at around 11am, he called his father from his mobile phone and said
that he was near the building of the Ministry of Internal Affairs on
Kuliev Street, and he asked him to come to collect him. Muradin
immediately went to that place and met his son. According to his
father, Inal seemed depressed, bruises and scratches were visible on
his body, and he was frowning and complained of pains in his back.
Inal told his father that they had begun beating him in the car,
then they took him to the building of the Ministry of Internal
Affairs in the Republic of Kabardino-Balkaria, where police officers
beat him and gave him electric shocks. According to Berov, he was
forced under torture to confess to his guilt in a robbery conducted
with Murat Sokhov. He told his father that during his beating and
torture, the police officers told him that Sokhov would provide the
testimony which they were demanding of him. According to them, this
would be sufficient to land Berov in jail. Inal refused to
incriminate himself even under torture. Around midnight they
stopped torturing him, and in the morning, the police officers
released Berov. They also showed unprecedented humanity, returning
him his mobile phone and giving him 500 rubles to take a car home.
The police officers asked him to “understand the particular nature
of their work, which forced them to resort to such methods to obtain
information”. However, they also warned Berov that if he reported
them, they would be able to produce something that would land him in
On March 7, his father appealed with a statement to the Prosecutor
of the Investigation Department of the Investigative Committee of
the Russian Federation in the Republic of Kabardino-Balkaria, on the
use of violence by police in relation to his son. That same day,
doctors from the bureau of forensic examination recorded a fracture
in Inal's lumbar vertebrate, an internal brain and skull injury,
concussion, and bruising and scratches on his face and body.
On April 10, the Investigation Department of the Investigative
Committee of the Russian Federation in the Republic of
Kabardino-Balkaria opened a criminal case against the police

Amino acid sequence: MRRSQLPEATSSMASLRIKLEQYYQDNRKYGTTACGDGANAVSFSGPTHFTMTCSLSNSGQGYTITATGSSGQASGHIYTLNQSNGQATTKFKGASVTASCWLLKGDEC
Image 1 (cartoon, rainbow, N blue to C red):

officers who beat and tortured Berov, citing 'a' of Part 3, Article
286 (abuse of power with use of violence) of the Russian Criminal
Code. The bringing of I. Berov to the building of the Ministry
of Internal Affairs and his torture there are considered established
facts. However, despite the fact that Inal Berov states in his
testimony that he is ready to identify those police officers
involved, this has not yet taken place. Inal has been recognized as
a victim in the case (http://www.memo.ru/uploads/files/737.pdf
As the victim, I. Berov has given evidence:
. Below is an extract from
“They dragged me into a black car VAZ 2114 or VAZ 2115. We went
somewhere, I couldn't see where, because I was blindfolded. They
asked me if I knew a man by the name of Murat Sokhov. I said that I
did. After that they started to beat me on the head from both sides
with the butt of their guns, inside the car. At the same time, one
of those sitting in the car, turning to someone, said: “Wait, let's
go to the forest, rape him, and then carry on”. While the car was
moving, they also said that they would rape my mother and father.
“...They took me to an office on the ground floor. They removed the
blindfold and I saw there were about 12 people. Several of them
asked me: “Are you going to talk?”, and I said I would. They asked
me to tell them about how last year I, Sokhov, Abanokov and another
man called “Mussa”, had taken 6000 rubles from some man and shot him
in the leg. I said that I had not taken part in any such thing,
that I knew nothing about it. At that, the people present knocked
me to the floor, removed my handcuffs, and taped my hands behind my
back. They again covered my head with a hat and secured it with
tape. I lay like that on the floor, and they began hitting me,
namely, on the head and torso. Then they attached a wire to my
thumb and started giving me electric shocks. They gave me electric
shocks like this for about 10 minutes. I cried out in pain, after
which they gagged me with a piece of paper. Then they removed the
electric wires and continued beating me. I lost consciousness and
came around to them hitting my head, saying “Don't pretend” and
dousing me with water.
At the same time, while they were beating me, the hat slipped from
my eyes and I was able to see my surroundings and the faces of the
people beating me. After that, they sat me on a chair and again
asked if I was going to talk. They told me to tell them about how I
had been involved in the robbery they had described. So I started
to deny my involvement. One of the men started to get nervous,
shouting at me, using very foul language towards me. He pulled the
chair out from underneath me and hit me around the head with it,
causing the chair to break […].
“Then he produced a pistol, removed the safety catch, put his finger